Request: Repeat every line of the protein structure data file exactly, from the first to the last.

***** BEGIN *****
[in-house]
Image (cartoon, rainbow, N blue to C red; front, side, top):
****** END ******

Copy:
[in-house]
Image (cartoon, rainbow, N blue to C red; front, side, top):